Hysteroscopy – what is it?
Diagnostic hysteroscopy is an examination in which an optical system called a hysteroscope is introduced into the uterine cavity through the vagina and cervix.
This test is used in the diagnosis and treatment of pathological conditions of the uterus and allows for a precise – under high magnification – assessment of the uterine cavity, its shape, structure of the uterine openings of the fallopian tubes and the structure of the mucosa (colour, thickness, condition of blood vessels) and abnormalities located within it – polyps, fibroids, intrauterine adhesions. During the examination, thanks to the appropriate instruments, it is possible to take tissue specimens in the areas of diagnostic interest, or perform a minor therapeutic procedure (removal of small polyps, adhesions).
Hysteroscopic examination is performed after establishing the medical indications, carefully collecting the medical history, medical history and family burdens, prior gynaecological examination, ultrasound evaluation of the pelvic organs and excluding the infection by bacteriological examination. Depending on the case, the hysteroscopic procedure does not require anaesthesia or is performed under local anaesthesia. It is a procedure well tolerated by patients with a low risk of complications (0.1% – 1%) such as tissue damage, bleeding from the genital organ, infection or adhesions.
The most common indications for this procedure are:
- Bleeding of unknown etiology.
- Abnormal structures found in the uterine cavity most often during ultrasound/HSG examination.
- Assessment of the uterine mucosa.
- Inability to get pregnant and to keep it.
- Suspicion of uterine defects.
- Suspicion of intrauterine adhesions.
The most common contraindications for hysteroscopic surgery are:
- Pelvic inflammatory disease, acute and chronic.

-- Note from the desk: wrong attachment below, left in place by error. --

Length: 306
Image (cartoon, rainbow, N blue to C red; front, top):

- Menstrual bleeding or profuse bleeding from the genitals.
- Pregnancy or suspicion of pregnancy.
- The second phase of the cycle in women of reproductive age.
The examination is performed on the treatment chair in the gynaecological position. After proper disinfection of the treatment area, the operator, using sterile instruments and hysteroscopic instruments, introduces the optics through the vagina, the cervix into the uterine cavity, filling it with sterile physiological fluid. The entire procedure, lasting from several minutes up to a quarter, is displayed on the monitor and recorded so that the patient can view the inside of the uterine cavity during the examination. During the examination, tissue material for histopathological examination is collected with the use of special biopsy forceps.
After the procedure, the patient receives a description of the examination together with photo documentation or, on request, a video of the procedure on a DVD. Usually, about 1 hour after the procedure, the patient can go home with the recommendation to rest, avoid bathing in hot water, have intercourse and carry heavy objects during the day. The histopathological result is usually ready within 7-10 days.
At the Medfemina Health Centre in Wrocław, hysteroscopy is performed on the latest generation, high-class endoscopic equipment of the German company Storz.